Even Oliver’s loving mother remains largely oblivious to the source of her son’s agony; her tenderness and indulgence remain mired in the platitudinous sentiments they spring from. In an internal monologue that recalls Mrs. Dalloway, the wavering voice of a well-situated woman expresses uncomfortable truths that largely escape the character’s own comprehension. If we want to understand, Eisenberg seems to be telling us, then it is through the lens of denial, error, and misrepresentation that we must first learn to see.
Twilight of the Superheroes, the stunning title piece of the fourth and most recent collection in this volume, hones in on the time immediately preceding and following the September 11th attacks. The story goes far beyond this, however, as it crystallizes into a cogent mise-en-scène of American society at the end of the last millennium.
The “Superheroes”—four young, ambitious friends who gather together to sublet the absent Mr. Matsumoto’s fabulous Manhattan loft that Nathaniel’s benevolent Uncle Lucien has made available to them—exhibit the paramount American attributes of the “Age of Dross” as seen through the eyes of Nathaniel’s comic strip figure “Passivityman”: “a gift for exploiting systemic weaknesses,” “an obtuse, patrician equanimity in the face of damning fact,” and a “spectacular level of aggrievedness.” Over time, these “superhero” features—originally the key to the four friends’ easy success—metamorphose into a Venn diagram of rampant opportunism, unilateral rectitude, and isolationism. For his part, Passivityman—who has previously been “constantly vigilant against the premature conclusion, scrupulously rejecting the vulgar ambition, rigorously deferring judgment and action…and all for the greater good”—seems to have given in to political apathy. “His rallying cry, ‘no way,’ which once rang out over the land…has been altered by Captain Corporation’s co-optophone into, ‘whatever.’” And then came the attacks, which changed everything.
The future ahead of them, it’s now obvious, had itself been implied by a past; and the terrible day that had pointed them toward that future had been prepared for a long, long time, though it had been prepared behind a curtain…a curtain painted with the map of the earth, its oceans and continents, with Lucien’s delightful city. The planes struck, tearing through the curtain of that blue September morning, exposing the dark world that lay right behind it, of populations ruthlessly exploited, inflamed with hatred, and tired of waiting for change to happen by.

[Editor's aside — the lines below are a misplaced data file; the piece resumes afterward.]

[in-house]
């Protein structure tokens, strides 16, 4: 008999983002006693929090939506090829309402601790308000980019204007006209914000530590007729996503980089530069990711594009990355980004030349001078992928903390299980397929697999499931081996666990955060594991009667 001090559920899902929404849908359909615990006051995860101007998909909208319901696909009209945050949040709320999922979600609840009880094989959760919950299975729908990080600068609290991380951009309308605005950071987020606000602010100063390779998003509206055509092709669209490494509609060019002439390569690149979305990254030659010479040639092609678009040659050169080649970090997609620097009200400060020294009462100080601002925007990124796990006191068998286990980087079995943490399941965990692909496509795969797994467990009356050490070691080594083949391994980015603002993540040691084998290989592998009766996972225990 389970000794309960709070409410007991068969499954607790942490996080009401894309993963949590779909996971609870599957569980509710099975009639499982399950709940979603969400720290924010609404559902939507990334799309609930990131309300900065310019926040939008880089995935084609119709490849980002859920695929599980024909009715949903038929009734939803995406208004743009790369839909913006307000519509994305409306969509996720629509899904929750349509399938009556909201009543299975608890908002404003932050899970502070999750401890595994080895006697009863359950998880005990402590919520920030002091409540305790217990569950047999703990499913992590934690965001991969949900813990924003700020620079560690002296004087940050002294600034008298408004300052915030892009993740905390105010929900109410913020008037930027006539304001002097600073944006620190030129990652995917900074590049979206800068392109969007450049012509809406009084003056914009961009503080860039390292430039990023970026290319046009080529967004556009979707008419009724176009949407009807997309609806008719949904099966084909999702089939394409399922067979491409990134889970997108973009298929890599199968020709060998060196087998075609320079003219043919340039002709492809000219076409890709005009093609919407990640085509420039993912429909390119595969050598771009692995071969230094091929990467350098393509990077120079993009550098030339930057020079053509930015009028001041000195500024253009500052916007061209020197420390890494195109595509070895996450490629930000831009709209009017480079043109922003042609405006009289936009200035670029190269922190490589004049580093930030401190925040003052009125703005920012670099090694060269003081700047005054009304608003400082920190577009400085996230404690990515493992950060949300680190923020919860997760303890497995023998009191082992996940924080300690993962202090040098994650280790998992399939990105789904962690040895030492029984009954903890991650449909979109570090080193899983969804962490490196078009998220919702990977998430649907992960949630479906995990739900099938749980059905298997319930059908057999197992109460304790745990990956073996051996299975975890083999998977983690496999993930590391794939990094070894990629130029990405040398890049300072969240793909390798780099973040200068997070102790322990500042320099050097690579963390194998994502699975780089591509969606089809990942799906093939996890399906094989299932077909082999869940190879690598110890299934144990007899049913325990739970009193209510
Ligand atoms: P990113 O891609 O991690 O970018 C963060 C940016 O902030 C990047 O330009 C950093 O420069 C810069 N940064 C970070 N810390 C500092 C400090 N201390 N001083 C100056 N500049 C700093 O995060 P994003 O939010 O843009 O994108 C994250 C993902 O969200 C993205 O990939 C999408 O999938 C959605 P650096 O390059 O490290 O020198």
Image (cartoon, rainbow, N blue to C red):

Looking back several years later, Lucien reflects on the time that followed this indelible day, when “flags waved in the brisk air of fear” and the cognitive capacities of the collective American mind seemed to have become deactivated by a force field of self-censorship. Revenge became the unifying emotion:
What should be done, and to whom? Almost any word, even between friends, could ignite a sheet of flame. What were the bombings for? First one imperative was cited and then another; the rationales shifted hastily to cover successive gaps in credibility. Bills were passed containing buried provisions, and loopholes were triumphantly discovered—alarming elasticities or rigidities in this law or that. One was sick of trying to get a solid handle on the stream of pronouncements—it was like endlessly trying to sort little bits of paper into stacks when a powerful fan was on.
Lucien’s European friends send him newspaper clippings, alarmed at the “big science fiction horror movie over there, about the emperor of everything everywhere, for which the whole world was required to buy tickets.” He loses his taste for throwing parties, for having fun; he realizes that he has been living under the mistaken assumption that his little garden plot of privilege has somehow been contributing to the greater good. In Eisenberg’s most scathing attack of all, the motivations behind the wars inflicted upon Iraq and Afghanistan are exposed for what they were:
Hidden behind a thicket of language: patriotism, loyalty, freedom—the words bounced around, changing purpose, as if they were made out of some funny plastic. What did they actually refer to? It seemed that they all might refer to money.